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Kraków has established itself as somewhat of a phoenix. Sacked, conquered, invaded, dictated, it has bounced back from everything thrown at it, and in its current revamp, emerging from the grip of the Soviet Union, it’s serving up more unique Kraków experiences than ever.
Its volatile history has made it a city of contrasts, where medieval seamlessly blends with a cutting-edge cultural scene, and looming Gothic churches rub shoulders with graceful Renaissance Halls.
Kraków is a city determined to enjoy itself. At the forefront of creativity in art, music, literature, cuisine, film, it is also a paradise for festival-goers of any description. Every corner crackles with artistic energy, which along with the free-flowing vodka, does an extremely effective job of shutting out those chilly winter nights.
The Old Town
The Main Market Square, the largest medieval town square in Europe, acts as a spectacular hub from which the picturesque lanes and alleyways spider out from, dotted with cosy coffee shops, trendy bars and hidden gems round every new corner.
Take some time to wind your way through the colourful cobbled streets, uncovering alcoves with intriguing histories, rustic, dusty bookshops, or alleyways laden with the scent of hot pastries and coffees on the crisp air.
The Cultural Scene
Few cities have taken to a cultural revolution as easily and readily as Kraków. A sense of medieval dignity combined with an anarchic student population means that whether you’re a theatre obsessive, a food lover, a wine connoisseur, or simply a raver, Kraków will have you covered.
The artistic buzz seeps from every pore in the city, and a ceaseless haze of energy rests over the city, only getting hazier as night falls and Kraków comes to life. From operatic masterpieces to underground techno nights, fine-dining to hearty, traditional Polish fare, you’ll find no shortage of food for the soul, or indeed the stomach, here.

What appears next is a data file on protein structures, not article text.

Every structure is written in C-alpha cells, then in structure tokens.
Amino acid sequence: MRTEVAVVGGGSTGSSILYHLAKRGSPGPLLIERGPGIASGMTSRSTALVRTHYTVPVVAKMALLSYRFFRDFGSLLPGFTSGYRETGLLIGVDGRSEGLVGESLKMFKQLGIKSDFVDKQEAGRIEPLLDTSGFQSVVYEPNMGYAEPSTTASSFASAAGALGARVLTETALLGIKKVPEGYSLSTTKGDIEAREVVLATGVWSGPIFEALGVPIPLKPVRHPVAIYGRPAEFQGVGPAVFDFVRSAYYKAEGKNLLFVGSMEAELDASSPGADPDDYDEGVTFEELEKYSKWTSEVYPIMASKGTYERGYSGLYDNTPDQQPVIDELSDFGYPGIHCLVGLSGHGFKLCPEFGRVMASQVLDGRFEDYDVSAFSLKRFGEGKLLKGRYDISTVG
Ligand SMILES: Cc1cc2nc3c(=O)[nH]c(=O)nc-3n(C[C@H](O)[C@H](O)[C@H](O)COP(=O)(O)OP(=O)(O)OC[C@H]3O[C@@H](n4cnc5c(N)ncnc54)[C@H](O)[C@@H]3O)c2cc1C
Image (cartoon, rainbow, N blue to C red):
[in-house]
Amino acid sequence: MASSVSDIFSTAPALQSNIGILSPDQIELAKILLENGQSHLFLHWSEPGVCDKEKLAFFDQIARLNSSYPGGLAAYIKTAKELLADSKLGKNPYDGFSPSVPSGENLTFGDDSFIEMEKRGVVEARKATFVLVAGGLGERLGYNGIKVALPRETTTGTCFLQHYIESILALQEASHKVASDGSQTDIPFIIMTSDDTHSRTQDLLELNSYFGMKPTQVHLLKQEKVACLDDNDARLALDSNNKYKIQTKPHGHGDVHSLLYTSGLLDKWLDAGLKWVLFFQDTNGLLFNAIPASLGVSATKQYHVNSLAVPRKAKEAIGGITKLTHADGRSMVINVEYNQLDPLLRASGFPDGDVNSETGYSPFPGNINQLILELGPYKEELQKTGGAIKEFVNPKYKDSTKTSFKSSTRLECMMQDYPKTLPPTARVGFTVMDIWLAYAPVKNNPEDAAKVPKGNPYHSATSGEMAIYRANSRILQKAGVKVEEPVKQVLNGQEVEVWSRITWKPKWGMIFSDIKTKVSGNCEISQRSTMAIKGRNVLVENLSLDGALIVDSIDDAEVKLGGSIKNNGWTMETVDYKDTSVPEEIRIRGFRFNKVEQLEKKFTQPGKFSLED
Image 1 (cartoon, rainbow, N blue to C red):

A Complex History
Kraków is the historian’s dream. Situated at the crossroads of Europe, it has inevitably found itself in the midst of countless wars, conquerings and revolutions over the years, and been witness to some of the darkest events in human history.
Having risen and fallen so often, having been at the centre of so much intrigue, history has woven its way into the very fabric of Kraków. A wide variety of stunning architectural masterpieces reflect the tempestuous timeline this city has run on, and it’s all waiting to be discovered.
When is the best time to go?
Kraków is, unsurprisingly, a popular destination year-round, so the best time to visit is when one of its seemingly countless festivals are running. June has a stacked calendar, as does the time around Christmas, so find what interests you and book around it.
Of course, the midsummer months are warm, verging on the balmy and sometimes touching the mid-twenties, whereas in the depths of winter, you’d be lucky to get many days higher than freezing. This, however, can simply make that trip to a snug cafe all the more rewarding.
And, of course, the Christmas markets here are a sight to behold.
Top 10 Must See Kraków Sites
Kraków acts as the base for the hundreds of travelers that visit the site of Auschwitz every single day. And it is an absolutely essential experience for anyone who finds themselves in this part of the world.
The scale of the tragedy, and the profound impact a tour of Auschwitz has upon an individual, is unfathomable until you’ve been there, until you have stood in the spot where untold horrors have occurred and had them relayed to you in distressingly human terms.
A stark reminder of the human capacity for evil and a harrowing memorial for the victims of the Holocaust, it is a haunting, yet entirely necessary journey you need to take.
St. Mary’s Basilica
An imposing brick church located just off the main square, St. Mary’s is instantly recognisable thanks to its two soaring bell towers. A church with a rich history stretching back to the 13th century, a tour of the stunningly intricate interior is well worth your time. Pablo Picasso describes some of the paintings in here as the eighth wonder of the world.
Take the opportunity to climb the magnificent bell tower, rewarding yourself with gorgeous views of the city stretched out before you.
Wieliczka Salt Mine
Tumble headlong down the 300km of twisting, crystalline tunnels and chambers, burrowing as far down at 300m. An incredible feat of human engineering, you will stumble around corners to discover spectacular subterranean chapels and deep green saline lakes.
A labyrinth split over nine levels, there are countless examples of intricate sculptures and imposing structures hewn directly out of the rock salt you’re buried beneath.